Enrollment in qualified health plans (QHPs), qualifications for Medicaid or the Children’s Health Insurance Program (CHIP) under existing eligibility requirements, and Medicaid/CHIP qualifications under expanded eligibility rules all contributed to the drop in the uninsured rate from where it was in 2013.
A big part of Arkansas’ success in reducing the uninsured rate is due to the state’s expansion of Medicaid. As of June 2020, there were more than 277,000 people enrolled in Arkansas Works (the state’s expansion program), and as of September 2020, total Medicaid enrollment in the state was up about 53 percent from where it had been prior to expansion.
But it’s noteworthy that enrollment had been even higher in 2018. As of January 2018, there were about 285,000 people enrolled in Arkansas Works, and Medicaid enrollment in the state was up about 54 percent over what it had been in 2013. Arkansas obtained permission in March 2018 to implement a work requirement for Arkansas Works, effective in June 2018, which resulted in thousands of people losing their coverage before a judge overturned the work requirement in early 2019.
Arkansas has mostly embraced the ACA, expanding Medicaid via an 1115 waiver that allows the state to purchase private plans for Medicaid expansion enrollees (albeit with a controversial work requirement that took effect in 2018 but was later overturned by a judge), operating a fully state-based small business exchange from 2016 through 2018 (no carriers opted to participate in 2019, so the state is no longer running a small business exchange), and as of 2017, running a state-based exchange for individuals using the HealthCare.gov enrollment platform.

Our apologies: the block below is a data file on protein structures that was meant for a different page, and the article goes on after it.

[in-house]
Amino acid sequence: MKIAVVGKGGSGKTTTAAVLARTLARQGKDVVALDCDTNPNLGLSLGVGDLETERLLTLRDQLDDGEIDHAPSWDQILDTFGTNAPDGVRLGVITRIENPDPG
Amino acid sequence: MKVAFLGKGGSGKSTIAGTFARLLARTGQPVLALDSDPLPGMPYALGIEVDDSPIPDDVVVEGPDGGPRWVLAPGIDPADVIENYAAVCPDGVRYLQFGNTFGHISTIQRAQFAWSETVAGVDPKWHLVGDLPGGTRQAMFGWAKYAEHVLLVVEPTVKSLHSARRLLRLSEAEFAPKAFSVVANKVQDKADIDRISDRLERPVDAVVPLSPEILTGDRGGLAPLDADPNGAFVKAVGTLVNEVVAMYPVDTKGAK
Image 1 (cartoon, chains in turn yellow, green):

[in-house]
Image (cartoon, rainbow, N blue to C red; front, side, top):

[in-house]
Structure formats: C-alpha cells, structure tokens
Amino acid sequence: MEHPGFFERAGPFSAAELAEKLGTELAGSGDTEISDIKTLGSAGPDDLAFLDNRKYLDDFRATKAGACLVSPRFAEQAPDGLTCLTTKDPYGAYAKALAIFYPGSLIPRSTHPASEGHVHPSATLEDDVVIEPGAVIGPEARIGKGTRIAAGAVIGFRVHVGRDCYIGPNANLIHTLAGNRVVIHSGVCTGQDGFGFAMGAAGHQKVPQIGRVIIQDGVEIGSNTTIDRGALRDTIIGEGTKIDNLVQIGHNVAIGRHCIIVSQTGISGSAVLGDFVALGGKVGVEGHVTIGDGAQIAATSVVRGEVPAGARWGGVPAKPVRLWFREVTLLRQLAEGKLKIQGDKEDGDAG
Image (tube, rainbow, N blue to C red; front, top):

At the state level, a bill to establish a state-run exchange was considered during the 2011 legislative session but did not pass. The Arkansas Department of Insurance then shifted gears and received grant money in February 2012 to develop a partnership exchange.
In September 2014, the board of the Arkansas Health Insurance Marketplace, voted to transition to a state-run exchange. The state-run exchange began offering coverage during the 2017 open enrollment period, although Gov. Asa Hutchinson had previously questioned whether the state should move ahead with its plans, after the Supreme Court’s 2015 decision in King v. Burwell that ensured that subsidies would continue to be available in states that use the federally-run exchange.
As of September 24, 2015, the state’s progress toward creating a state-run exchange was “on pause,” according to Gov. Hutchinson, but it soon got back on track, and the state-run exchange (which uses HealthCare.gov’s enrollment platform) was up and running in time for the November 2016 start of the open enrollment period for 2017 coverage.
Read more about Medicare in Arkansas, including the state’s Medigap rules and the availability of private Medicare plans, as well as specifics pertaining to Medicare enrollment.
Before the ACA reformed the individual health insurance market, coverage was medically underwritten in almost all states, including Arkansas. The Arkansas Comprehensive Health Insurance Pool (CHIP; note that this is not the same as the Children’s Health Insurance Program) was created in 1996 to provide medical insurance in Arkansas for people who were unable to purchase individual health insurance because of their medical history.
A major component of the ACA is the requirement that all policies be guaranteed issue. Since there is no longer medical underwriting in the individual major medical insurance market, the need for high-risk pools has largely been eliminated. CHIP ceased operations on December 31, 2014, as applicants were able to secure guaranteed issue coverage with an effective date of January 1, 2014, through Arkansas’ health insurance exchange.